What Are Eligible Automatic Contribution Arrangements?
Eligible automatic contribution arrangements (EACAs) establish a default percentage of an employee’s pay to be automatically contributed to a retirement account. EACAs apply when employees do not provide explicit instructions regarding pretax contributions to a qualified retirement account provided by an employer.
- Eligible automatic contribution arrangements (EACAs) establish a default percentage of an employee’s pay to be automatically contributed to a retirement account.
- EACAs apply when employees do not provide explicit instructions regarding pretax contributions to a qualified retirement account provided by an employer.
- Eligible automatic contribution arrangements were created as part of the Pension Protection Act of 2006 (PPA) to encourage more worker participation in self-funded defined-contribution retirement plans.
Understanding Eligible Automatic Contribution Arrangements
Eligible automatic contribution arrangements were created as part of the Pension Protection Act of 2006 (PPA) to encourage more worker participation in self-funded defined-contribution retirement plans. Before the creation of automatic contribution arrangements (ACAs), employees typically needed to make an affirmative choice to contribute a certain percentage of their pretax earnings to an employer-provided retirement plan.
ACAs provide increased legal protection for employers to create a new default state in which employees who take no action with regard to their employer-provided plans make payments at a rate established by the plan. In theory, this raises participation rates in retirement plans by forcing employees who do not wish to participate to make an affirmative choice to opt-out of the plan.
Suppose an employee joins a firm and ignores the pile of human resources paperwork about retirement plans. If the firm uses an EACA, then the employee will eventually receive a paycheck with pretax earnings contributed to their retirement fund as outlined by the program. If the employee decides not to participate or decides to increase or decrease the percentage of contributions, they would have to explicitly decline to participate or fill out paperwork to increase or decrease the percentage of pay going into the plan.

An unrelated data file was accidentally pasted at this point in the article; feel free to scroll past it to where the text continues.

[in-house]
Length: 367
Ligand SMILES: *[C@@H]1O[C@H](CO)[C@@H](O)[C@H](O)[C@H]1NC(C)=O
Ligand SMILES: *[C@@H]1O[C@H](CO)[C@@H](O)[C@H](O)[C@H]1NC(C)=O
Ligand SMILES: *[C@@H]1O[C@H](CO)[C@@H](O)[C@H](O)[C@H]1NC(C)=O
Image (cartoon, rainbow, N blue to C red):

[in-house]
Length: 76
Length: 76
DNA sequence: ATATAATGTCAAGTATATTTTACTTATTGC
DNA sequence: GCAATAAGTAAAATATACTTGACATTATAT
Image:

Based on the plan’s rules, the employee might be able to recoup any automatic contributions made within 90 days of the withdrawal.
EACAs vs. QACAs
The PPA defines two different choices for employers who want to add an automatic contribution arrangement. EACAs have simpler requirements than the other alternative, qualified automatic contribution arrangements (QACAs).
Under an EACA, participants automatically contribute a specific, uniform percentage of their gross pay to a qualified investment plan provided by the employer. Employers using an EACA must treat all employees who do not provide any explicit enrollment instructions the same, enrolling them in the same plan at the same contribution rate.
Employers also must provide their employees with adequate notice and information about the plan, as well as their contribution and withdrawal rights. Some plans provide employees with a grace period during which they can withdraw their automatic contributions without penalty if they decide not to participate.
QACAs provide employers safe harbor provisions exempting them from actual deferral percentage and actual contribution percentage (ADP/ACP) testing that other plans must undergo to ensure that they do not discriminate against lower-paid employees. In return, employers must make matching contributions as required by the Internal Revenue Service (IRS) and must vest matching and non-elective contributions within two years.
The default deferred contribution for a QACA must also increase annually from at least 3% the first year to at least 6%, with a maximum of 10% in any year.